Bad News Bird

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ANTHONY SPAETHThe very idea of a dynamic Asia is inseparable from air travel. Corporate warriors would be steedless without business class--not to mention the vast holds underneath in which memory chips, fresh orchids and vital documents are hauled around the globe. But it's often forgotten that Asia's original dynamo in the Air Age was the Philippines. America's first transpacific route was to Manila; Philippine Airlines, or PAL, launched in 1941, was Asia's oldest national airline. Sadly, PAL's final international flight took off last week from Tokyo, touching off a national chorus of grief in the Philippines. Employees about to be laid off--they number almost 9,000 altogether--sang mournful songs, including Leaving On a Jet Plane (... don't know when I'll be back again ...). After the Boeing 747-400 landed at Los Angeles International Airport, U.S. authorities seized it on behalf of PAL's creditors.For Filipinos it was an ignoble end to a venerable symbol of national pride--although they had long enjoyed joking that PAL stood for Plane Always Late. The airline's demise also suggested that a country that arrived late to the Asian economic boom may have missed the party entirely and yet won't be spared the hangover. The regional downturn of the past 18 months--particularly a near 30% drop in the value of the Philippine peso against the U.S. dollar--along with a one-month pilots' strike, undermined PAL Chairman Lucio Tan's vow to turn the airline around. Ultimately, Tan ended up slashing routes and selling planes. Last week, he said he couldn't run PAL unless workers agreed to accept benefits cuts and abandon wage negotiations for the next decade. PAL's unions, the country's most radical, refused to pay that price, and last-minute talks led by President Joseph Estrada went nowhere. Everybody's upset, concedes Finance Secretary Edgardo Espiritu. But what can we do? PAL's union made their decision and they decided to lose their jobs.In an era of privatization, and given fierce competition in the skies among the world's airlines, the loss of one national carrier shouldn't be especially troubling. Although PAL has been in private hands since 1992, Tan's plan to rebuild the airline with $4 billion in new investments partly foundered on certain legacies of a national airline, like the responsibility of running domestic flights to far-flung island provinces at bargain fares. It also was hurt by the new era of open skies, in which the government let private airlines offer service to popular business and tourist destinations such as bustling Cebu and colorful Zamboanga. The crunch wasn't hard to foresee, although many expected Estrada to iron out some compromise, as predecessor Fidel Ramos had during a strike last year. The biggest losers are passengers, says Peter Negline, a vice president of Salomon Smith Barney in Hong Kong. It was also a serious blow to Estrada, only three months in office and faced with his first serious challenge. Last weekend, the government continued negotiations with PAL executives and the unions about how to maintain crucial commercial routes. On Saturday, Estrada announced that Cathay Pacific Airways will help fill the void by flying 10 domestic flights a day in the Philippines.PAGE 1  |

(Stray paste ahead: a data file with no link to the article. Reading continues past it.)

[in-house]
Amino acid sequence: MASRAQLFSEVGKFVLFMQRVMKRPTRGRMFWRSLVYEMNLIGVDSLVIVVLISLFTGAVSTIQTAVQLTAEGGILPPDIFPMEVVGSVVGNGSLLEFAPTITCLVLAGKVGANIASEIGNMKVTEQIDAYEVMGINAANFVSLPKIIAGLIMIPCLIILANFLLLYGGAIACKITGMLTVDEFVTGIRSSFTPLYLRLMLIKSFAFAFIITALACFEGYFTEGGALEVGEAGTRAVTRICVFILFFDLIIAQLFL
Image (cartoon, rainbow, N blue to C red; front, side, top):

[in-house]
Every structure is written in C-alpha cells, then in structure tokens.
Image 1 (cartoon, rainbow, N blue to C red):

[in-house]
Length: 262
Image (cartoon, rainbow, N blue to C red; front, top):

The airline industry's woes aren't limited to the Philippines. Indonesia's Garuda, another national carrier, is laying off thousands of employees, trying to unload aircraft and looking for someone to buy its headquarters. Malaysia Airlines has suspended service on five international routes, sold planes and deferred delivery of others, while the International Monetary Fund has instructed Thailand to sell off Thai Airways. And the downturn is hurting carriers in South Korea, Vietnam and even Japan. Hardest hit are airlines that depend on travel within Asia. According to Moody's Investors Service, traffic is down as much as 60% from a year earlier on some routes.Of course, one carrier's pain can be another's windfall. Singapore Airlines, which reported an impressive $608 million profit for the fiscal year ending March 31, now has a monopoly on flights between Singapore and Manila. It moved fast to take advantage of PAL's troubles, doubling the fare and scrapping a special rate for Philippine maids returning home. The latter measure produced some unfavorable press coverage, and the airline reversed the decision quickly. But even if those domestics get back to Manila cheaply, PAL won't be there to whisk them home to more distant provinces. Instead, some will have to take buses or ferries--along with many suddenly slower-moving business people.  |  PAGE 2